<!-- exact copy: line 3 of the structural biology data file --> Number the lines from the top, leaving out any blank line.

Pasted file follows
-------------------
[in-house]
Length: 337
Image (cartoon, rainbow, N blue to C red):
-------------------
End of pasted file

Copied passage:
Image (cartoon, rainbow, N blue to C red):